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Beaver, showing location of the initial cuts to be made in the pelt.

Beaver, showing location of the initial cuts to be made in the pelt.

Contexts in source publication

Context 1
... are skinned open, starting with a central cut on the belly that runs from the chin to the tail. The animal should be placed belly-up on a clean surface (Fig. 1). Some trappers use a simple wooden trough to keep the beaver from rolling. The fore- and hindfeet are removed first and some trappers also remove the tail, although most prefer to leave on the tail for ease in handling. Next, make the first cut in the skin along the chin-to-tail line, taking care not to enter the abdominal cavity nor ...
Context 2
... remove the tail, although most prefer to leave on the tail for ease in handling. Next, make the first cut in the skin along the chin-to-tail line, taking care not to enter the abdominal cavity nor to damage either the castor glands, which lie on either side of this line in front of the cloacal opening (vent), or the oil glands behind the vent (Fig. 1). Keep the skin stretched taut when removing it from the carcass. Supporting the pelt from underneath with one or two fingers will help to prevent accidental cuts when freeing the skin from the carcass. When the pelt has been freed partway down the sides, the animal should be turned onto its belly and the rest of the pelt removed; avoid ...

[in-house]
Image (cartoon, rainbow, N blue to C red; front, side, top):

Context 3
... of fur in the inspection area pull the tail snugly towards the head, then pull the tail back down in the opposite direction and lay it on the board. Pin or nail the pelt to the board at the center of the base of the tail. Place the hindlegs leather-out on the same side of the board as the tail and tack the feet close to the base of the tail (Fig. 10). This procedure maximizes the size of the inspection window on the belly side (Can. Mink Breeders Assoc. 1970). Now, starting at the base of the tail, push the tail gently towards the rump. Continue this to the tip of the tail, then work back to the base of the tail, pushing towards the rump at all times. These procedures produce ...
Context 4
... and tack the screening in place on the board, but pinning or nailing the tail is acceptable. A thin edge of fur may be cut away from the border of the inspection area to remove any fur that might be greasy. This boarding procedure will naturally produce an adequate inspection area for grading and coloring without any additional cuts in the pelt (Fig. 11). If the inspection area is too small, either because the hindlegs were pulled down too far or as a result of the hindlegs being left on the belly side, the leather may tear when the fur is graded or the pelt is inspected by buyers (Fig. 12). The forelegs should be cut off about 1.5 cm (0.5 inches) long or tucked back inside the pelt ...
Context 5
... produce an adequate inspection area for grading and coloring without any additional cuts in the pelt (Fig. 11). If the inspection area is too small, either because the hindlegs were pulled down too far or as a result of the hindlegs being left on the belly side, the leather may tear when the fur is graded or the pelt is inspected by buyers (Fig. 12). The forelegs should be cut off about 1.5 cm (0.5 inches) long or tucked back inside the pelt without cutting them ...
Context 6